Article 44 as Strong Medicine and Its Side Effects

Dhammakaya monks and followers protest the use of the junta’s self-granted absolute power to search the temple last month in front of Wat Dhammakaya.

Inadvertently, absolute power under Article 44 of the provisional junta constitution has become controversial again after it was used against Wat Dhammakaya.

A man committed suicide by hanging himself last Saturday in a failed bid to demand the use of Article 44 against the temple, which is facing over 300 charges and is under blockade, be rescinded. Then on Wednesday, a devotee, Pattana Chiangraeng, succumbed to asthma inside the temple leading to a dispute over whether the blockade crucially delayed emergency medics’ arrival.

After over two and a half years, some people continued to refuse to accept absolute power as normal despite it having been used over 300 times since the May 2014 coup.


The Article 44 “law” basically granted Gen. Prayuth Chan-ocha, as ex-officio junta leader, the power to override the executive, legislative and judicial branches. Prayuth essentially became the law. Instead of the rule of law, Article 44 ensures that it’s rule by Prayuth for Thailand.

The power under Article 44 is not just absolute, it’s also unaccountable, undemocratic and illegitimate. Don’t expect any accountability if someone dies as a result of the use of this “law,” as it was designed to not be accountable at all.

Facing growing criticism, junta spokesman Col. Piyapong Klinphan on Monday resorted to a counter offensive by asking: How would Thailand survive without Article 44 and the National Council for Peace and Order in the future?

The reality is that some Thais have gotten addicted to the use of absolute power as a panacea for all that is wrong. Supporters defended it as necessary to use such power in order to solve Thailand’s ills, from removal of the elected governor of Bangkok and members of the State Railway Board to ensure young motorcycle road racers face stiffer punishments.

The analogy to the use of drugs is quite telling. In fact, some describe the use of Article 44 as “strong medicine.”

Nearly three years on, even a commentary on the otherwise pro-junta Daily News newspaper suggested Thursday that the junta should return to use of more ordinary laws instead of the casual use of Article 44 “in order to prepare Thailand to proceed on a democratic path… without having to call for special power from the NCPO top brass.”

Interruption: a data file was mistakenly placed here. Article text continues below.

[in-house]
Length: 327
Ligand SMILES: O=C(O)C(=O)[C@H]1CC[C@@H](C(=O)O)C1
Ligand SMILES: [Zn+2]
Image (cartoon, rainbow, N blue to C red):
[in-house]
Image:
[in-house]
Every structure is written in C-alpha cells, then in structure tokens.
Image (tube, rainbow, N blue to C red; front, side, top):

Yes, the risk is that, once addicted to a strong medicine, or addictive narcotic, dictatorial rule becomes of the norm and not the exception. Some people can no longer imagine how life would be without a military dictator, well, dictating them.

However, Some die-hard junta supporters won’t relent and say the use of “strong medicine” is necessary. On the same Thursday, columnist Plaew Si Ngern of Thai Post newspaper stated that strong medicine is needed so the patient’s disease won’t develop immunity. Plaew also compared it to removing a plaster from a wound, saying it can’t be pulled slowly, as it will cause more and longer pain, but should be done swiftly.


It’s clear that some have become addicted to the use of dictatorial power. They have become accustomed to wanting fast results. This is a struggle between Thais who believe that the ends justify any arbitrary means, and those who insist the means must be legitimate, just and never arbitrary.

The cycle of elected governments coming to power, only to be repeatedly ousted in coups, as we witnessed in 2006, 2014 and many times before, is symptomatic of a nation having no genuine social contract.

Thais strongly disagree on whether the rule of law, or the rule by law, should be the norm. And oftentimes, the debate degenerates into hate speech, censorship, violence, suppression and death.